It’s hard not to feel frustrated by the police ICT landscape.
There are 43 police forces in England and Wales, each individually buying near-identical technology at a cost of over £1 billion every year.
Much of that is just to maintain out-of-date legacy systems - money that could be much better spend elsewhere during a time of austerity across the public sector.
A CEO was appointed to run the new venture in June: Martin Wyke, a CIO with three decades of experience at TalkTalk, Virgin Media and Debenhams.
Wyke will have to overcome a history of failed attempts to set up a national approach to police ICT.
It is far from a new idea: the company will have many of the same functions as the Police Information Technology Organisation, set up in the 1970s then abolished in 2007, and the National Policing Improvement Agency, wound down in 2012.
However all of these organisations “failed to drive a national approach to policing”, Police ICT Company chairman Nick Alston told ComputerworldUK earlier this year.
Despite this difficult landscape, Wyke is optimistic two months into the new job, his first in the public sector. After a long private sector career, he says he wanted to take a job where he could make a big difference”.
“However, I came into this with my eyes wide open. I recognise there have been some ups and downs and it is a very difficult landscape,” he says.
‘Success breeds success’
Wyke says the five-strong team has already saved police forces over half a million and aim to have saved up to £3 million by the end of the financial year. However he hopes to start making much bigger, recurring savings from next year.
The company has estimated it could save between £150 million and £465 million a year and improve policing by encouraging collaboration, integration between systems and helping forces to drive better deals with suppliers.
However Wyke downplays the importance of these figures, saying he is focused on getting the company to pay for itself for the time being.
“I’d like us to be able to cover our costs this year. But I’m confident by the end of the year we’ll have identified significantly larger savings, which go straight back to the forces,” he says.
“Success breeds success. So I want to start small, under-promise and over-deliver. We won’t promise to change the world. Previous incarnations have failed, but this time it is owned by the police themselves, there’s no mandation, and strong ministerial support from Theresa May,” he adds.
At this early stage Wyke is focusing on meeting police forces across the country, Police and Crime Commissioners, suppliers and Home Office officials.
“The thing I need to be is to be very understanding of what forces’ positions are and what they are trying to achieve. There is no arrogance on mine or the company’s part,” Wyke says.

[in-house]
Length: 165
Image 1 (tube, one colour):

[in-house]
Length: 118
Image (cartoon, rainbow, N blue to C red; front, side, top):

He is currently hiring people, with a chief operating officer due to be appointed imminently.
Although some will be external appointments, Wyke says he hopes to “tap into the wealth of talent out in the forces today”.
He is also looking for a permanent London home for the company (they are currently sharing an office with The Association of Police and Crime Commissioners in Westminster).
He says his main goal at the moment is to change the way the company is financed. In April the company chairman Alston warned it needed £1.2 million to get fully up and running. Wyke agrees a lack of funding is the biggest risk to the company at the moment.
“All the forces pay into the company on an annual flat fee basis. We’re now looking to take income from other streams, like the Home Office’s Police Innovation Fund, in a way that allows us to equip ourselves to make a bigger difference,” Wyke explains.
The company is imminently due to take charge of 18 national policing systems currently run by the Home Office, for example the Police National Computer and National DNA Database. The team are finishing due diligence on those systems now, according to Wyke.
Another priority this year is to help promote the adoption of modern technologies like geolocation systems, online reporting and data analytics.
Forces need to focus on improving their use of data, move away from having to manually re-enter information twice and start collaborating and sharing data more – both with each other and with other blue light services, Wyke says.
Wyke admits: “Austerity is a big help for us [the company]. Policing is now at a turning point. We absolutely need to change and get better at tech. And austerity is driving that need.”
Although he does not admit it, Wyke must realise he has a huge hill to climb.
He must push police units into working together and improving their technology and process, though he has no legal right to force them to do so, with a tiny team (especially compared to the thousands in police IT and procurement departments).
Crucially, he has to deliver significant savings, not least to justify the company’s existence. And it is all running on a precarious, shoestring budget.
Despite this, Wyke is relentlessly upbeat - and clear on the case for the company and its immediate plans.
“Ultimately I’m accountable to police forces. We have the same aim – to make this country a safer place. If I can help do that, make policing more efficient so we can channel money back into frontline policing and initiatives to transform policing, I’ll have actually made a difference,” he says.